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SeaWorld - South End: Believe


Rating: * * * * *
Type: Live stadium show
Time: 25 minutes
Kelly says: The acme of the SeaWorld experience

Could there be a better job than being a killer whale trainer and being shot 30 feet into the air off the nose of a 5,000 pound orca? You won’t think so after seeing this razzle-dazzle demonstration put on by the dashing young SeaWorld staffers who spend their time teaching the Shamu family some awesome tricks (although the trainers prefer the term “behaviors”).

Actually, they aren’t “tricks” at all in the common sense of the term. They are simply extensions of natural behaviors that have been reinforced by the whales’ trainers with patient attention and liberal handfuls of smelt. Nor is Believe to be confused with mere entertainment. In keeping with SeaWorld’s commitment to conserving the marine environment and saving endangered marine species, this show teaches important lessons about the realities of nature and the importance of the marine mammal husbandry practiced at SeaWorld Orlando and its sister parks around the country.

The stars of the show are members of the family Orsinus orca, commonly known as killer whales and affectionately known by nearly everyone who visits SeaWorld as Shamu. The first killer whale ever captured was named Namu after a town in British Columbia. Shamu means “mate of Namu” in the language of British Columbia’s native people. Of course, different whales appear in different shows, so the mammoth performers in this show are, in a sense, playing the role of Shamu.

The “stage” is a huge seven million-gallon pool filled with man-made salt water kept at a chilly 55 degrees (although the whales are used to much chillier water in their natural habitats) and completely filtered every 30 minutes. At the back is a small island platform for the trainers, above which looms a large structure in the shape of a killer whale’s tail fluke and four video screens that move, merge, and spin as the moment requires. The front of the stage is formed by a six-foot high Lucite wall that gives those in the first several rows an underwater view. Downstage center is a shallow lip that allows Shamu to “beach” herself for our enjoyment.

On film, we are told the story of a young lad who carves a wooden pendant in the shape of a tail fluke and dreams of swimming with the orcas. When the focus switches from video screen to stage, we discover this kid has grown up to be a SeaWorld trainer. It’s a touching story, but the real focus of the show is the awe-inspiring and absolutely delightful interaction of the whales and their trainers. The whales leap, glide, dive, and roll with a grace that belies their huge size. The trainers ride on their charges’ bellies, surf the pool on their backs and, in the most breathtaking moments, soar high aloft, propelled off a whale’s snout. Many times, two trainers working with two whales will perform in perfect synchronization. They make it look easy and natural, but my guess is that it is fiendishly difficult to pull these tandem tricks off.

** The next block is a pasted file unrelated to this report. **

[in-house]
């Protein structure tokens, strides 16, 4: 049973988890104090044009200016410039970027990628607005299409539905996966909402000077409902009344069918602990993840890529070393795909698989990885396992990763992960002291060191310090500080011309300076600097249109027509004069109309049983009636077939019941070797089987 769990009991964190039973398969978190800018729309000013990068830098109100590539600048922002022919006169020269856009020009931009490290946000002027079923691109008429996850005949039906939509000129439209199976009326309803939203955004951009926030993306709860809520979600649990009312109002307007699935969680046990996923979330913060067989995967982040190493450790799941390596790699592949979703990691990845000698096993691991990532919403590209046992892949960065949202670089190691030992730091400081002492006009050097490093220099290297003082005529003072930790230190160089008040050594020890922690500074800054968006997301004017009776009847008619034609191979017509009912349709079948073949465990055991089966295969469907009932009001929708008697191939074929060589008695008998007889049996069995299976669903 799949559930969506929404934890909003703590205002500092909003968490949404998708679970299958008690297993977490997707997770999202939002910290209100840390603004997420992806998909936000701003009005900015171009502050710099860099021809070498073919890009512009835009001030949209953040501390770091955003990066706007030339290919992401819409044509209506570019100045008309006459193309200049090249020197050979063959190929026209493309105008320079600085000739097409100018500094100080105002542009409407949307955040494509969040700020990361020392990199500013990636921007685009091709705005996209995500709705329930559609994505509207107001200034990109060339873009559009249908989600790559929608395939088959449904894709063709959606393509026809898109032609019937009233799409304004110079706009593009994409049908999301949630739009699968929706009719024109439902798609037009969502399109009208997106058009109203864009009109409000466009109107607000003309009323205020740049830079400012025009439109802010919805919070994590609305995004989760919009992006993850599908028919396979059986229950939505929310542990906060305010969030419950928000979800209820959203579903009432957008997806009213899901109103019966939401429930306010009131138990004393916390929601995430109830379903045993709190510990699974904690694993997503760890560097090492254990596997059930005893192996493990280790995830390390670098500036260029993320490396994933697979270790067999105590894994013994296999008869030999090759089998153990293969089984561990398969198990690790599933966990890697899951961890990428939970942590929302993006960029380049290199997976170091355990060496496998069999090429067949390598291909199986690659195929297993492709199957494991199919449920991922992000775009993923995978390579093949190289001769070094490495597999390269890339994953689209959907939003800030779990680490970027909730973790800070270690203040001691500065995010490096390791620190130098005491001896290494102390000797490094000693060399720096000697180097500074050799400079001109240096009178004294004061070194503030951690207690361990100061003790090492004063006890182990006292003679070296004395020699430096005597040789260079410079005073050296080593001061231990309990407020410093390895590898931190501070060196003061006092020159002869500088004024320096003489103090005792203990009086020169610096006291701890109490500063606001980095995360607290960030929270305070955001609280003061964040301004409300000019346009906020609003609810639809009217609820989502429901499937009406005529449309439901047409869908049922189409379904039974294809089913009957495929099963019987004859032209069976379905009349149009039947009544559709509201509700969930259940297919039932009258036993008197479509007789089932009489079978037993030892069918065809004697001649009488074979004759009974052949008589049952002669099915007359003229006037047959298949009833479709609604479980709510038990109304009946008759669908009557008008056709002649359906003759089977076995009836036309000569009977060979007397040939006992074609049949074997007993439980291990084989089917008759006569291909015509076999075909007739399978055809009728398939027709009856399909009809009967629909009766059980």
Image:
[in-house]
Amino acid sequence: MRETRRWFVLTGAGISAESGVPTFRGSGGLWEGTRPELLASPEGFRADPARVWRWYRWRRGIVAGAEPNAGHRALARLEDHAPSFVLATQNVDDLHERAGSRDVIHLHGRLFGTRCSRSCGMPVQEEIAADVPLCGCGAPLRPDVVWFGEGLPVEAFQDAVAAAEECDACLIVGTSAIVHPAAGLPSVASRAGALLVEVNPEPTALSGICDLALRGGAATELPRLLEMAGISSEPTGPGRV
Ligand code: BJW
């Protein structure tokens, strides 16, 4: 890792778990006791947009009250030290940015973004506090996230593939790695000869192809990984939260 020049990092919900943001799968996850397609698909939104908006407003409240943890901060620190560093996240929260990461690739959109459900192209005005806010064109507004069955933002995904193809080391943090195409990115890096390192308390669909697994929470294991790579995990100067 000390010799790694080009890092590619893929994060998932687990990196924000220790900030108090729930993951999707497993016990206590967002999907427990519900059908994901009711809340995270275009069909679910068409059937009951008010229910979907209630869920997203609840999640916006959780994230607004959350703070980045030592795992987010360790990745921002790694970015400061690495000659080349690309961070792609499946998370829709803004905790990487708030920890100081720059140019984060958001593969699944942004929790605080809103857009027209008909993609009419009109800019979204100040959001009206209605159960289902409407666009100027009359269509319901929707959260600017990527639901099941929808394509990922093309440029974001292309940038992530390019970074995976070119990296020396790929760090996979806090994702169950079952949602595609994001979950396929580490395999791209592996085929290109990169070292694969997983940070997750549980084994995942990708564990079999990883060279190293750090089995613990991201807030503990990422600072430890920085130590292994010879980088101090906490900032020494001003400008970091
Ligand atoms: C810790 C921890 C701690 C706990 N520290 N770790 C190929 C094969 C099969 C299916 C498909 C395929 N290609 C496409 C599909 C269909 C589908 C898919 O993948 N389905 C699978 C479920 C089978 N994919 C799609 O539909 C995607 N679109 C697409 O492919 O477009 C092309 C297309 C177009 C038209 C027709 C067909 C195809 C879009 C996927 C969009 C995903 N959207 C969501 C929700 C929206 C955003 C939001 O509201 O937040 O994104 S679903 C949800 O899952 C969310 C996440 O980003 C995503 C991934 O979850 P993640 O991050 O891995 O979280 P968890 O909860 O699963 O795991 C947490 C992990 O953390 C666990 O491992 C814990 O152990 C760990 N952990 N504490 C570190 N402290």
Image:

The video backstory pays off in a segment toward the end of the show in which a future orca trainer is summoned from the audience to meet Shamu and the tail fluke pendant is passed to a new generation.

The warnings that precede the show’s grand finale are in deadly earnest. If you’re sitting in the first 14 rows, you’ll likely get very, very, very wet. Actually, it’s possible to sit in this section and escape a drenching — I’ve done it. But if you happen to be in the direct line of one of the salvos of chilly salt water hurled into the audience by the cupped rear fluke of a five-ton whale, you will be soaked to the skin. It’s pretty much a matter of luck. Some of the biggest laughs come when people who have fled the “splash zone” for the higher ground of the first promenade get nailed anyway by a particularly forceful fluke-full of water.

The best seats in the house. Many kids (especially 9- to 13-year-old boys) will insist on sitting in the splash zone and will feel cheated if they don’t get soaked. But adults should consider sitting here as well. If you wear a rain poncho (which you may already have from a visit to another park) you can protect yourself relatively well, and these seats do offer an excellent view, especially underwater. But the seats higher up, where you are assured of staying dry, offer excellent sight lines and the video coverage of the show assures that you won’t miss anything.

Tip: Between shows, follow the pathways that ring Shamu Stadium to locate the ramp to the Underwater Viewing Area around back. This is a not-to-be-missed perspective on these magnificent creatures. Especially enchanting is the opportunity to watch Shamu and her much smaller calf, Baby Shamu, swimming gracefully in tandem. The whales are rotated through this viewing pool, so there’s no guarantee that a specific whale will be there when you drop by. There are benches in front of the picture windows and if the crowds are thin enough you can watch while you rest.

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